Commonly attributed to Socrates is the phrase “Know thyself.” Well there are a lot of ways to accomplish that goal. In that context, today I’ll discuss one way today that can help you attain a goal or stick to a new habit you wish to maintain. Gretchen Rubin writes about this in her highly usable book Better Than Before, and it is a construct she created. That is why if it is useful to you, go for it, but if not, then just realize there are other categories out there you may find more applicable to your situation. If there is one thing our brains are designed for, it is categorizing!
So Rubin calls her system The Four Tendencies. She postulates we all fall mainly into one of four types that indicate how you respond to a rule or request, whether the request came to you externally or was generated internally by you. Each one has pros and cons, and there is no “best” category, though due to our brain’s need to categorize, people often tend to decide one is better than another, and get busy trying to force their traits into that box, even when they may not fit. So no right or wrong here folks. Be honest.
The four types are upholders, questioners, rebels and obligers. Each one means you respond to an expectation differently. Rubin states:
“Upholders respond readily to both outer expectations and inner expectations. They need to know the rules.
Questioners question all expectations, and will meet an expectation only if they believe it’s justified.
Obligers respond readily to outer expectations but struggle to meet inner expectations.
Rebels resist all expectations, outer and inner alike. They wake up and ask themselves ‘What do I want to do today?'”
You can actually go online to Rubin’s site to take a little quiz to see which one you most identify with. Go ahead, you know you want to.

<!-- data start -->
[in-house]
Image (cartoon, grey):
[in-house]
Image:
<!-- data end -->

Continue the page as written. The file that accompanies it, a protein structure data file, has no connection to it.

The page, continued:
Most people, per Rubin, are either obligers or questioners. Obligers need external motivation for inner goals, and questioners exert internal motivation via information gathering. This construct is based on Rubin’s personal observational research, the quiz she has online, and her surveys as she speaks to audiences. I report it this way because, like time itself, it is an artificial construct, although it can be very helpful in the area of habit change. The reason it can be helpful is to understand how best to motivate yourself to stay on track, moving in the right direction to achieve a goal.
For example, if you are an obliger (and I am – we make terrific work partners and friends) and you want to maintain the habit of walking daily, it is extremely helpful to have a walking buddy to hold you accountable, externally. If you are a questioner, and you are in the throes of making a decision, then you will benefit by having the right information at hand. You simply have to be aware of the possibility of analysis paralysis in the process.
The right structures can help you succeed, or help you to help someone else, or your employees, to do a better job in meeting expectations.